In a recent opinion essay entitled, “Advice for Trump’s Would be Peacemaker,” Times of Israel founding editor David Horovitz summarized the current conflict between the Israelis and the Palestinians and offered words of advice for President Trump’s special peace envoy, Jason Greenblatt, who was in Israel talking to Israeli and Palestinian leaders.
Mr. Horovitz wrote, “The Israeli mainstream …doesn’t trust the Palestinians. We think we would be vulnerable to aggression they might initiate. And even if we were to put aside our doubts about the current regime of Mahmoud Abbas, we know he could be easily swept aside by Hamas or other extremists were the Israel Defense Forces no longer deployed in the West Bank. And were Hamas or other extremists to take over there, as they took over in Gaza after we left in 2005, Israel would be paralyzed. Everywhere in Israel is within rudimentary rocket range of everywhere in the West Bank. We managed to function, somehow, during 50 days of war with Hamas in Gaza in 2014. We would not be able to function for a single day with Hamas in control of the West Bank.”
Horovitz went on to write, “How, then, in this near-impossible context, Mr. Greenblatt, as a lover of Israel and doubtless as a seeker of peace, are you to succeed in your mission? Peacemaking requires both decisive leadership and grassroots support — each benefiting from the other. There is grassroots Israeli support in principle for an agreement …But there is no parallel on the Palestinian side…because the widespread Palestinian conviction remains that the Jews have no right to be here, and that if they hang tough enough, for long enough, they will be able to see off this iteration of Jewish sovereignty.”
It is at this point that Horovitz offered his advice, “How to shift this picture, Mr. Greenblatt? One word: Education.” He went on to explain, “Change what Palestinians are taught and told about Israel in their schools and mosques, by their political leaders and via social media, and you begin to create a climate in which, one day — who knows, perhaps even in your era? — genuine progress toward an accommodation becomes possible. And how do you achieve that change? By insisting upon it, and using America’s leverage to have others insist upon it, too — as a condition for financial aid to the Palestinians, and diplomatic support for the Palestinians. Make the inculcation of a “culture of peace” a core element of your efforts at peacemaking. Educate, open minds, boost understanding, and you start to change the nature of interaction. You give your mission some prospect of success.”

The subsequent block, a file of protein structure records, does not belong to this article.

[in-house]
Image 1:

I agree with almost every point of Mr. Horovitz’s assessment of the current situation, but Mr. Horovitz made a grave error when he discussed how education can be a magical panacea for Palestinian refusal to meaningfully engage in an end to the current conflict. I’ve been an educator for twenty years, my mother and grandmother were both teachers, and every one of my mentors is an educator. If there’s one thing I’ve learned about education, it’s that it stems from values. You can’t force someone to educate any more than you can force someone to be educated. If a person values an area of knowledge, they can teach it to others, but if they themselves don’t value it, they won’t be able to effectively teach it to others.
Mr. Horovitz is correct that until Palestinians are taught to accept Jewish Israel, they’ll never truly desire a working accommodation with Israel. He is incorrect to think that the world can insist they be taught it. The lesson won’t be taught successfully and the message won’t be heard. To move forward on a resolution of the Israeli-Palestinian conflict, Palestinian values must change. Palestinians must institute a culture of life, not death. They must be tolerant of Jewish settlement in Israel, allow for the facts of Jewish history and the history of Jewish presence in the land of Israel, and most of all reject all forms of terror.
No amount of world pressure will motivate a people to change their values. The United States cannot insist on Palestinians giving up their culture of violence any more than they could insist Israel give up its culture of peace. To successfully end this conflict, the Palestinians are going to have to decide to change their values. I pray they do.